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Discussion in 'Amp Tech Center' started by theprofessor, May 5, 2020.
There is an easier way to do it.
While saving money is a possibility, you need to factor in the purchase of extra tools and equipment you may not have and whether those tools will get used more in the future. And then there is the question of whether or not your time has any monetary value? And then there is the possi/proba-bility of needing to buy the materials twice, if not pleased with your product. Many of the most popular cabinet builders have reasonable enough pricing that I don't really see a lot of savings in spending that much time perfecting the skills to the point that I'd be happy with the results. Of course, if you already have the skills and the tools, that's a different story and equates to big savings!
Just My $.02,
Do tell? Do share?
Yes, please do tell!
I have a great workshop. But... it's across state lines 100 miles away. Inconvenient at best, seriously problematic at the moment.
Difficulty is I've come to rely on a heavy duty bandsaw and a surface planer as well as numerous other heavy duty cast iron machines. That allows me to mill wood precisely to dimension.
Among my numerous hats, didja know I'm a certified Corian fabricator? The main tools for working Corian are a chop saw and a few routers. The more routers, the better because I don't need to be constantly changing cutters.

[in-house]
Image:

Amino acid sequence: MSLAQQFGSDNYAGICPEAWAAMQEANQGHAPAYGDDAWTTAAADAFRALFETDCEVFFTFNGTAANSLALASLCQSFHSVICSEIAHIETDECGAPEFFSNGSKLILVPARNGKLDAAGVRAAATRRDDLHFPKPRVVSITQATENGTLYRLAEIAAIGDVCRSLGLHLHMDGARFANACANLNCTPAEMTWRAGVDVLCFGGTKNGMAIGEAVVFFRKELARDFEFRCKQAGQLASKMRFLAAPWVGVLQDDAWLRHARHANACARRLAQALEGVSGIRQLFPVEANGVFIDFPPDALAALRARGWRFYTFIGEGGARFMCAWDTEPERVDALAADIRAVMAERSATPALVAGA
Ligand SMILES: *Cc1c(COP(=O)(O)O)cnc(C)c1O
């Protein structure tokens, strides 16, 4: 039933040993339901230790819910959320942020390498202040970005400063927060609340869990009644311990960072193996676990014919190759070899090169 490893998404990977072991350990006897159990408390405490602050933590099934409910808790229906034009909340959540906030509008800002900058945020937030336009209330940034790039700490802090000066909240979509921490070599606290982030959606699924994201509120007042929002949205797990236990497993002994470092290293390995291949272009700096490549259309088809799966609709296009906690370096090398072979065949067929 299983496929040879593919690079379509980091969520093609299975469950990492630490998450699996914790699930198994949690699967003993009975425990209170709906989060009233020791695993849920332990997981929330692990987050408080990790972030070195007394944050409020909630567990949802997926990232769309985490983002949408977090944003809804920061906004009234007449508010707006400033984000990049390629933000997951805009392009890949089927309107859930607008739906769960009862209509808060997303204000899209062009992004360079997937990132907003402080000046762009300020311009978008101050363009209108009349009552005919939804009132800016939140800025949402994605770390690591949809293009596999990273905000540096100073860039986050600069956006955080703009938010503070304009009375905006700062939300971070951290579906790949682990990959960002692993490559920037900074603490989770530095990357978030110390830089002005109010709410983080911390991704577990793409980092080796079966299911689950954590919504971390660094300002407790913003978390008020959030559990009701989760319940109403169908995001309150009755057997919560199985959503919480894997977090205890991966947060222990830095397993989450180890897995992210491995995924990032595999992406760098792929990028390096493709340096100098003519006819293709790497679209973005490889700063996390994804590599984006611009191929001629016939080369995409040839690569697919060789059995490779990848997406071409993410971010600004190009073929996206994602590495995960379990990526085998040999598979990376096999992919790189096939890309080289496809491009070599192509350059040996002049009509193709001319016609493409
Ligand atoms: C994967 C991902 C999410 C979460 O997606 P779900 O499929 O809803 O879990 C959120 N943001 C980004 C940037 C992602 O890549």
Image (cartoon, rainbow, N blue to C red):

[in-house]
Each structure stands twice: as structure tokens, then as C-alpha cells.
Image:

I figure I can do most of what I need to do with a radial arm saw, a couple routers and a few custom jigs. Less tools. More efficiency.
I still crave a large bandsaw and a cast iron surface planer like such as a Parks. Funny thing is there was a bandsaw standing next to the scrap metal container at the transfer station a few days ago. It's an entry level Delta. I brought it back to my secret laboratory, plugged it in and flipped the switch. Good to go! It won't re- saw like my out of reach Laguna but it works, for now.
Sorry for being a little late reading and posting ... and, with all due respect to my fellow members, who have given some most excellent advice, and, who have much more knowledge and experience than I ...
... my answer to the OP is ...
"Very Carefully ..."
I'll have to take a few photos later today and then I'll post them.
Well It took a litlle longer, I glued up a sample corner and I hope to get a step-by step today.
Looking forward to seeing the step-by-step. Thanks for making the effort!
Here's step one, I had to mock up a cabinet corner. More to come.
Here's the photos, sorry abut the quality of some.
The last 10
Thanks for posting this! So after you fold the Tolex onto itself to create those "wings" on each corner, you simply trim them as close to flush as possible? And then I suppose you arrange them in some way so that they are exactly flush and there's no standing crease?
EDIT: OK, sorry. I thought the first 10 photos were all. I'll read the others now.
Thanks very much for the lengthy tutorial! I really appreciate your taking the time to do that!